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A day in the life of the nuclear community
The November issue of Nuclear News is focused on the individuals who make up our nuclear community.
We invited a small group of those individuals to tell us about their day-to-day work in some of the many occupations and applications of nuclear science and technology, and they responded generously. They were ready to tell us about the part they play, together with colleagues and team members, in supplying clean energy, advancing technology, protecting safety and health, and exploring fundamental science.
In these pages, we see a community that can celebrate both those workdays that record progress moving at a steady pace and the exceptional days when a goal is reached, a briefing is delivered, a contract goes through, a discovery is made, or an unforeseen challenge is overcome.
The Nuclear News staff hopes that you enjoy meeting these members of our community—or maybe get reacquainted with friends—through their words and photos.
M. Jarrett, B. Kochunas, A. Zhu, T. Downar
Nuclear Science and Engineering | Volume 184 | Number 2 | October 2016 | Pages 208-227
Technical Paper | dx.doi.org/10.13182/NSE16-51
Articles are hosted by Taylor and Francis Online.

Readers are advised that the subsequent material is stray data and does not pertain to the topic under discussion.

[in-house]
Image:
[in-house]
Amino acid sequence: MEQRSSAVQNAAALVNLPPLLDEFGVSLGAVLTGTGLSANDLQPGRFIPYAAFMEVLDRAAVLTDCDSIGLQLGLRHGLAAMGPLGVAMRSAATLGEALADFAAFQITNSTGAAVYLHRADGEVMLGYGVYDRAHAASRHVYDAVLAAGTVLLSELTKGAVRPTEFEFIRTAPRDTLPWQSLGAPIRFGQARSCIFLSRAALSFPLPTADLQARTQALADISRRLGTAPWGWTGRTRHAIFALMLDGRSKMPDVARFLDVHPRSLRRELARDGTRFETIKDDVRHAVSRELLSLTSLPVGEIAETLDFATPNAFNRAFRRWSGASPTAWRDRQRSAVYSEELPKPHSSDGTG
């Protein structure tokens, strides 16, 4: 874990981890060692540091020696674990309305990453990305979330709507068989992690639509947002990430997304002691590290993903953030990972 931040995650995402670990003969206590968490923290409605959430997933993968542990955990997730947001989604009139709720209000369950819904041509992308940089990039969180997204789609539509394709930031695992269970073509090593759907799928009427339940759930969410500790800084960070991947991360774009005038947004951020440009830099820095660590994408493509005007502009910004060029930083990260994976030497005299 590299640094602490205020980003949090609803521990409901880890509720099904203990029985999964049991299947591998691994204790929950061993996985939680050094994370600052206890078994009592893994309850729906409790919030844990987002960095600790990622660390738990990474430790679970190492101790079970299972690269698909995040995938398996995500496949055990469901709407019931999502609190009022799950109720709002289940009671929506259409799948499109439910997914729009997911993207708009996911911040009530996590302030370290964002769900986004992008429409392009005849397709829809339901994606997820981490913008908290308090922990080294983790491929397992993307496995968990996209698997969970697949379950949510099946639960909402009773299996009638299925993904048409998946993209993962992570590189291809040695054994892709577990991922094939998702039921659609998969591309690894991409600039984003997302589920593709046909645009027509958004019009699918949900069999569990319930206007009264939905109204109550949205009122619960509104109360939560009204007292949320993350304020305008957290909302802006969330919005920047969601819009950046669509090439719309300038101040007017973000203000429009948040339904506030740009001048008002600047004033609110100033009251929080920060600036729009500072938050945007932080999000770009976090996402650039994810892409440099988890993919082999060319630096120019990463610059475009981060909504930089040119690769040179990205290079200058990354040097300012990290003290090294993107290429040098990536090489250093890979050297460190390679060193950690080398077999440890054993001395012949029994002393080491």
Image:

The coarse-mesh finite difference (CMFD) method is one of the most widely used methods for accelerating the convergence of numerical transport solutions. However, in some situations, iterative methods using CMFD can become unstable and fail to converge. We present and evaluate three different modifications of the CMFD scheme that provide enhanced stability: multiple transport sweeps, artificial diffusion, and relaxing the flux update. We present the Fourier analysis on each of these schemes for an idealized problem to characterize the stability and rate of convergence for both fixed-source and fission-source problems. Comparisons of the effectiveness of these methods are also performed numerically for a variety of benchmark boiling water reactor and pressurized water reactor problems using the Consortium for Advanced Simulation of Light Water Reactors neutronics code MPACT. We demonstrate a means of stabilizing CMFD by modifying the diffusion coefficient to make the iteration behave more like the partial-current CMFD (pCMFD) method, which is unconditionally stable, and show through a sequence of numerical experiments that the CMFD method performs similarly to the pCMFD method for the selected benchmark problems. We also show, both theoretically and experimentally, that modifying the diffusion coefficient in the CMFD equations is similar to underrelaxing the scalar flux update. The theoretical and experimental results show that many of the known techniques for stabilizing CMFD are fundamentally very closely related.